Bank of EnglandThe 2021 biennial exploratory scenario on the financial risks from climate change discussion paperYou will be aware of the three scenarios that capture a range of prudent estimates for transition pathways and climate outcomes. You will be able to assess your business’ resilience in light of these macroeconomic scenarios:
- Early policy action scenario
- Late policy action scenario
- No additional policy action scenario
The Carbon TrustWhat is net zero?Unlike other terms, such as carbon neutral, there is no commonly agreed definition of what constitutes net zero emissions. However, this may be about to change. In September, the SBTi published a discussion paper – ‘Towards a science-based approach to climate neutrality in the corporate sector’ – containing a working definition of net zero to inform corporate net zero targets.13/11/2019
World Economic ForumThe speed of the energy transitionA paper on the speed of the energy transition.12/09/2019
Organisation / Publication / AuthorLinkInformationDate
AvivaThe pros and cons of taxing emissionsA carbon tax imposes a tax on each unit of greenhouse-gas emissions and gives economic actors an incentive to reduce pollution whenever doing so would cost less than paying the tax. The tax is set by assessing the cost or damage associated with each unit of pollution and the costs associated with controlling it.

By contrast, a cap-and-trade system sets a maximum level of pollution and distributes emissions permits among firms. Companies must have a permit to cover each unit of pollution they produce, and can obtain these permits either through an initial allocation or auction, or through trading with other firms.

Economists such as Nordhaus prefer the former option, on the basis higher prices will encourage firms and consumers to find alternatives to carbon-based products as well as encourage new technologies to make those substitutes competitive. While this has become the mainstream view among environmental economists, the profession continues to debate the relative merits of price and quantity instruments. For instance, Harvard professor Martin Weitzman was not alone in arguing quantity instruments were likely to work best, at least under certain conditions.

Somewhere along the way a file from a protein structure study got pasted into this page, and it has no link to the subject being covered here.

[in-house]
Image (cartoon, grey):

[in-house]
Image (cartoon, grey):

AvivaStranded, when assets become liabiltiesProjects most at risk include those with high operating costs or a high carbon intensity of production; large upfront capital commitments and long investment lead times; and a higher carbon content. These include oil sands, shale and extra-heavy oil, as well as reserves of higher-grade oil and gas in deep waters and other hard-to-access sites like the Arctic. In December 2019, US investment bank Goldman Sachs ruled out financing oil drilling or exploration in the Arctic in future, adding it would not invest in new thermal coal mines anywhere in the world.01/01/2020
AvivaAIQ - The climate edition Apathy, Anger, Action / The psychology of climate changeCarbon taxes are more likely to work if the punitive measures are offset with economic sweeteners that appeal to our preference for short-term rewards. The British Columbia carbon tax came bundled with other measures that lowered income tax and health insurance premiums and kept citizens onside. Companies also benefited from corporation tax cuts.

No such incentives were offered in France. Neither was the money raised by the tax allocated wholly to projects that might bring tangible green benefits (a measure that tends to make the public more amenable13); much of it was simply added to the federal coffers.
France’s policy also offended people’s sense of fairness. Because many companies were exempt, the carbon tax was deemed to be regressive. As so often with climate change, the issue became tangled up with wider political and social dynamics such as inequality, and fomented an “us versus them” mentality, with Emmanuel Macron’s administration cast as the enemy. In fact, the French carbon tax activated all of the “PAIN” points identified earlier: It was seen to be Personal, Abrupt, Immoral and happening right Now.
World Business Council for Sustainable DevelopmentCarbon Pricing WBCSD Policy Paper 2019Presents the reasons why business supports carbon pricing as a critical enabler to raise climate ambition and calls on policy makers to establish and extend current carbon pricing mechanisms.19/11/2019
Carbon Pricing Leadership CoalitionUnderstanding Carbon PricingA helpful introduction to carbon pricing01/01/2018